‘So far he hasn't called’; ‘the sun isn't up yet’;

Tillnoun

A kind of coarse, obdurate land.

Yetadverb

to a greater degree or extent; used with comparisons;

‘looked sick and felt even worse’; ‘an even (or still) more interesting problem’; ‘still another problem must be solved’; ‘a yet sadder tale’;

Tillpreposition

To; unto; up to; as far as; until; - now used only in respect to time, but formerly, also, of place, degree, etc., and still so used in Scotland and in parts of England and Ireland; as, I worked till four o'clock; I will wait till next week.

‘He . . . came till an house.’; ‘Women, up till thisCramped under worse than South-sea-isle taboo.’; ‘Similar sentiments will recur to every one familiar with his writings - all through them till the very end.’;

Yetadverb

within an indefinite time or at an unspecified future time;

‘he will understand eventually’; ‘he longed for the flowers that were yet to show themselves’; ‘sooner or later you will have to face the facts’; ‘in time they came to accept the harsh reality’;

Tillconjunction

As far as; up to the place or degree that; especially, up to the time that; that is, to the time specified in the sentence or clause following; until.

‘And said unto them, Occupy till I come.’; ‘Mediate so long till you make some act of prayer to God.’; ‘There was no outbreak till the regiment arrived.’;

Yetadverb

used after a superlative;

‘this is the best so far’; ‘the largest drug bust yet’;

Tillverb

To plow and prepare for seed, and to sow, dress, raise crops from, etc., to cultivate; as, to till the earth, a field, a farm.

‘No field nolde [would not] tilye.’; ‘the Lord God sent him forth from the garden of Eden, to till the ground from whence he was taken.’;

Yetadverb

despite anything to the contrary (usually following a concession);

‘although I'm a little afraid, however I'd like to try it’; ‘while we disliked each other, nevertheless we agreed’; ‘he was a stern yet fair master’; ‘granted that it is dangerous, all the same I still want to go’;

Tillverb

To prepare; to get.

Yetadverb

up until the present or a specified or implied time; by now or then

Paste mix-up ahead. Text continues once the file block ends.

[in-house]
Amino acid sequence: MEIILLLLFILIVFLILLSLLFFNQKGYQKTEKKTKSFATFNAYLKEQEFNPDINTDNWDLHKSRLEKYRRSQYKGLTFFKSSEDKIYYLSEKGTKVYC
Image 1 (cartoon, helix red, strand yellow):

‘I haven't told anyone else yet’; ‘aren't you ready to go yet?’; ‘I have yet to be convinced’; ‘the congress was widely acclaimed as the best yet’;

Tillverb

To cultivate land.

Yetadverb

as soon as the present or a specified or implied time

‘wait, don't go yet’;

Tillnoun

unstratified soil deposited by a glacier; consists of sand and clay and gravel and boulders mixed together

Yetadverb

from now into the future for a specified length of time

‘I hope to continue for some time yet’;

Tillnoun

a treasury for government funds

Yetadverb

referring to something that will or may happen in the future

‘further research may yet explain the enigma’; ‘I know she's alive and I'll find her yet’;

Tillnoun

a strongbox for holding cash

Yetadverb

still; even (used to emphasize increase or repetition)

‘snow, snow, and yet more snow’; ‘yet another diet book’; ‘the rations were reduced yet again’;

Tillverb

work land as by ploughing, harrowing, and manuring, in order to make it ready for cultivation;

‘till the soil’;

Yetadverb

in spite of that; nevertheless

‘every week she gets worse, and yet it could go on for years’;

Tillpreposition

less formal way of saying until

Yetconjunction

but at the same time; but nevertheless

‘the path was dark, yet I slowly found my way’;

Tillconjunction

less formal way of saying until

Tillnoun

a cash register or drawer for money in a shop, bank, or restaurant

‘there were queues at the till’; ‘checkout tills’;

Tillnoun

boulder clay or other sediment deposited by melting glaciers or ice sheets.

Tillverb

prepare and cultivate (land) for crops

‘no land was being tilled or crops sown’;

Till

Till or glacial till is unsorted glacial sediment. Till is derived from the erosion and entrainment of material by the moving ice of a glacier.